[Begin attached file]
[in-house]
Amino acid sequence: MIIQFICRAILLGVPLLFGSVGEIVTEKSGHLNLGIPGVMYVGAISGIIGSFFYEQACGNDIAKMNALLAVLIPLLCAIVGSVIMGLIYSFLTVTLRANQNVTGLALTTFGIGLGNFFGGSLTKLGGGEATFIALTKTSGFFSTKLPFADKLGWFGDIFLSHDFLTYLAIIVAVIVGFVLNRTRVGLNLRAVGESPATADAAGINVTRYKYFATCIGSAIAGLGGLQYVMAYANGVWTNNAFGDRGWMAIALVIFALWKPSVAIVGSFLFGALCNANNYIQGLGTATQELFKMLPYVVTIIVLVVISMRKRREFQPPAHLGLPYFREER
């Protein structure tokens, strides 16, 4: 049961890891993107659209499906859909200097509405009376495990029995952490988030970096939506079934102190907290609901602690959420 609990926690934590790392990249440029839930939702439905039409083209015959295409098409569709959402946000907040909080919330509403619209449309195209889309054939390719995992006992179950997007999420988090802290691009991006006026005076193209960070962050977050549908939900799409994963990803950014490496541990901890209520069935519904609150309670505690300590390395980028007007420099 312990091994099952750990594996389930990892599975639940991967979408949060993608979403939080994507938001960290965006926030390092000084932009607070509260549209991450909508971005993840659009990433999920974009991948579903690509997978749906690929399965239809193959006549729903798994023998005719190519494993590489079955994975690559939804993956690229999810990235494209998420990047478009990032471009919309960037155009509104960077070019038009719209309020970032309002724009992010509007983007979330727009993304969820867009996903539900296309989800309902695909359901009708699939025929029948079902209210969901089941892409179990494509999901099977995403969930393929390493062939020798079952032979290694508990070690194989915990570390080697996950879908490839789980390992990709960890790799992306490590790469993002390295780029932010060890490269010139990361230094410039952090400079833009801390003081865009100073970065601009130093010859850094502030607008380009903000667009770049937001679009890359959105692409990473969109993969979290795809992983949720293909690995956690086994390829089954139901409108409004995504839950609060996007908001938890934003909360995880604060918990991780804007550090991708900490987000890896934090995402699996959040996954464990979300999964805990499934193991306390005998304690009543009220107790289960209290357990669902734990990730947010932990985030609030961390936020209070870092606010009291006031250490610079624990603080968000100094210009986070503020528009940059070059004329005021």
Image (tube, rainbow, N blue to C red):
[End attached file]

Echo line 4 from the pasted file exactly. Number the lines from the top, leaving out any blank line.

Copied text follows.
Image (tube, rainbow, N blue to C red):